5. The altar was meant to face east in a church, representing the direction of Christ's birthplace. As churches were built, the altar slowly moved from the middle of the room toward the side, but the priest continued to face east. Once the altar hit the east wall, the priest still faced east, putting his back to the congregation. It was never a way to block out the congregation or exclude. The priest and the people were reverent and facing God together.

6. Catholics cannot get married or baptized during Lent.

7. Catholics cannot take the symbolic communion that Protestant churches serve. Because Protestants do not preserve "the proper reality of the Eucharistic mystery in its fullness...[,] Eucharistic intercommunion with these communities is not possible." (Catechism, see 1400)

8. My one companion is darkness (Psalm 88, Liturgy of the Hours, Night Prayer)

Thank you for joining me on this journey!

Friday, October 21, 2011

DIY in pitchas, 7QT, Volume 49

Truly quick quick takes: The fun DIYs I've discovered recently, in pictures!

This lovely lady made her wedding dress out of vintage curtains!


Homemade laundry detergent: $6.00 for 576 loads. Uh, yes please.


DIY decoupage, just in time for Christmas crafting!


Step-by-step how to install under-the-sink shelves. It's enough to make me want to clean...


Closet dividers made from old CDs. Wow, this is like chocolate for my OCD palette. Not only do I have a use for those old CDs, but I can organize my closet again and again!


Want the light in the background of a depth-of-field photo to appear in shapes? DIY it! For the non-photogs out there, the contraption that makes this possible is called a bokeh.


Vinegar runs at about $1 for a gallon. That squashes any competition for chemical cleaners and now you have a list of 45 uses for the cheaper alternative. No brainer, PLUS you can pretend you are your grandmother as you clean everything you can find with vinegar.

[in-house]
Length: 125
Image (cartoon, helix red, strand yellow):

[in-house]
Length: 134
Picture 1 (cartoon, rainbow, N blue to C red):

Thursday, October 20, 2011

Easier than you think

Today is day 183 of the romantic relationship with my beau. Six months, half an anniversary, the six-mensiversary, a nanoversary, halfaversary, something somewhat silly to celebrate. Or is it?

Rather than swoon to you about the awesome man in my life, I thought I'd take a crack at how we got here. How did I land a great, Catholic man who wants to grow in Christ with me? Where did I go right that God would present me with someone who truly wants to discern God's plan? What help can I possibly be to others with only six months under my belt?

How we got here

Whenever people "give advice" to single people from their [haughty] chairs, it often inspires temptation of mild violence. I hope to avoid that.
Love his face

I've known my beau for almost three years now, so our road has been a long one with a large percentage of a friendship-only identity. We met in a young adult club. I can hear the sound of facepalms everywhere:

Of course you met at church! I've already tried that! I exhausted my pool there, give me another direction!

Remember that the majority of our relationship has been strictly friendship; we surprised each other as we became better friends. "Hey! Where have you been?"

A little over a year ago, after a series of weekly dinners in a group of church friends, several non-church-related events, and many email exchanges, my beau and I became great friends. We became best friends.

Then, despite my best efforts to control my mind (like nailing warm butter to a wall), I looked up one day and realized I had a big crush on my best friend.